In the 1490s, Girolamo Savonarola launched his movement for religious purity in Florence, a city-state that had prospered under the rule of the Medici family. From the enthusiastic response that his sermons received from the Florentines, Savonarola was convinced that he could mobilize the masses and capture power in Florence and the rest of Italy. The first part of his plan was to drive the Medici out of Florence.
To weaken the Medici, Savonarola declared a war on their greatest achievement: art. He declared that the art that the Medici were patronizing—these works of art included female and male nudes—was a sign of Florentine decadence and debauchery. His followers started rampaging through the mansions, museums, and gardens to find and destroy the debauched art that Savonarola had condemned. The climax of the anti-art movement came on 7 February 1497, a day known as the “bonfire of the vanities”. On this day, in the center of Florence, Savonarola’s followers burned works of art, literature, and things like mirrors, cards, dice, musical instruments, luxurious garments, and ornaments.
But the “bonfire of the vanities” proved to be the climax of Savonarola’s political career. He was excommunicated by the Pope on 12 May 1497. Being excommunicated, he lost his credibility and the Florentines turned against him. He was executed on 23 May 1498.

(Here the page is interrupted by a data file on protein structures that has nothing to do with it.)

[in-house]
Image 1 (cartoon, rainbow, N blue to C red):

In chapter six of his book, The Prince, Machiavelli notes that Savonarola failed because he was an unarmed prophet, unlike Moses, Cyrus, Theseus, and Romulus who were armed. Machiavelli writes: “If Moses, Cyrus, Theseus, and Romulus had been unarmed they could not have enforced their constitutions for long—as happened in our time to Fra Girolamo Savonarola, who was ruined with his new order of things immediately the multitude believed in him no longer, and he had no means of keeping steadfast those who believed or of making the unbelievers to believe.”
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